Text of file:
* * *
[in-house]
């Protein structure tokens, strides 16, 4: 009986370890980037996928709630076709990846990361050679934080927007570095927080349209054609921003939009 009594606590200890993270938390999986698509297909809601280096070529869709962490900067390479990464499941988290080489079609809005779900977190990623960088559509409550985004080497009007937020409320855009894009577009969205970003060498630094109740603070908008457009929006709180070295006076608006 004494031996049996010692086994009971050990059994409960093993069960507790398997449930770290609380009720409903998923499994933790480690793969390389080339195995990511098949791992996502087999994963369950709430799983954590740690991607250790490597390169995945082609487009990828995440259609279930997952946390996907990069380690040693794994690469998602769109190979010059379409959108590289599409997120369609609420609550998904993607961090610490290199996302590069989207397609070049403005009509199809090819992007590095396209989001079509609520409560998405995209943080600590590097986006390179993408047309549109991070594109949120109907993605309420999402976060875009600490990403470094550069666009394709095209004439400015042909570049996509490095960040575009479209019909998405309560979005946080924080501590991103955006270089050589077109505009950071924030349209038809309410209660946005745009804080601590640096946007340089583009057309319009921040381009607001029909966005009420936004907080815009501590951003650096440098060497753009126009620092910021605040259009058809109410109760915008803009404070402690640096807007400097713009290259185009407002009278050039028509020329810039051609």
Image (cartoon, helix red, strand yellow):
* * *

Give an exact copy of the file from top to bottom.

[in-house]
């Protein structure tokens, strides 16, 4: 009986370890980037996928709630076709990846990361050679934080927007570095927080349209054609921003939009 009594606590200890993270938390999986698509297909809601280096070529869709962490900067390479990464499941988290080489079609809005779900977190990623960088559509409550985004080497009007937020409320855009894009577009969205970003060498630094109740603070908008457009929006709180070295006076608006 004494031996049996010692086994009971050990059994409960093993069960507790398997449930770290609380009720409903998923499994933790480690793969390389080339195995990511098949791992996502087999994963369950709430799983954590740690991607250790490597390169995945082609487009990828995440259609279930997952946390996907990069380690040693794994690469998602769109190979010059379409959108590289599409997120369609609420609550998904993607961090610490290199996302590069989207397609070049403005009509199809090819992007590095396209989001079509609520409560998405995209943080600590590097986006390179993408047309549109991070594109949120109907993605309420999402976060875009600490990403470094550069666009394709095209004439400015042909570049996509490095960040575009479209019909998405309560979005946080924080501590991103955006270089050589077109505009950071924030349209038809309410209660946005745009804080601590640096946007340089583009057309319009921040381009607001029909966005009420936004907080815009501590951003650096440098060497753009126009620092910021605040259009058809109410109760915008803009404070402690640096807007400097713009290259185009407002009278050039028509020329810039051609």
Image (cartoon, helix red, strand yellow):